There is often a lot of confusion surrounding steel shims, and how to properly utilize them alongside a shim plate. For the record, a flat shim with no slots is referred to as a shim plate. In structural steel erecting, the steel shim often requires a slot to fit around a bolt. These are referred to as slotted shims. If the steel shim is a single piece with more than one slot, it is called a multiple slotted shim. Examples of both a shim plate and a steel shim are shown below.
Shim Plate Steel Shim
For structurally sensitive fittings like moment connections, shim plates would not be acceptable. The slotted shim, either with the single or multiple slot, is the correct alternative. They install quickly and, most importantly, provide the required full-surface contact. However, the downside of single or multiple slots are that the gaps being shimmed are not obvious until the steel members are installed. Only then can the erector be sure of how much gap needs to be filled. To be sure the erector has the proper thicknesses available, he or she will order these shims in shim packs.
The metal shims in a shim pack will always have uniform length, width and slot measurements. As far as thickness, the shim can contain any combination that will allow the installer to compensate within 1/32” of the required height.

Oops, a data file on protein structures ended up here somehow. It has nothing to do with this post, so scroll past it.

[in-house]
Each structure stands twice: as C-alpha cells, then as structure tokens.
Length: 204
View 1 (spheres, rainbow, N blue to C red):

Note: The phrase “shim pack” is often used as a general term by engineers and detailers to simply describe any packaged set of shims. For their own convenience, the installer usually orders the steel shims in bulk.
A typical shim pack may have 2 shims at 1/16” thick, 3 at 1/8” and 2 at 1/4” as shown below.
Slotted Structural Steel Shim
As shown in the single slotted shim drawing below, there are two shims at 1/16” each, and a total height of 1”. This allows the Steel Erector to compensate anywhere from 0 to 1” in 1/16” increments. The result is a shimmed connection accurate to within 1/32” of thickness.
Metal Shim - Horseshoe Shim
The accuracy factor is always determined by 1/2 of the thinnest shim. For example, assume the actual gap being shimmed is 17/32”. The erector can shim either 16/32”, by using the two 1/4” shims, or 18/32”, by using two 1/4” shims plus one 1/16” shim. At 16/32”, the connection will be under the gap by 1/32”. At 18/32”, the connection will be over the gap by 1/32”.
A standard metal shim, also known as a horseshoe shim, or steel horseshoe shim is typically 3” wide. This accommodates the 3” centers that will interact with the structural shim.
The image above shows the same shim pack with a multiple slotted structural steel shim. Shim plates with multiple slots are usually made to order, due to the varying dimensions.
Multiple Slotted Structural Steel Shim
For more information about steel shims, or to order custom or pre-packaged shims, click below!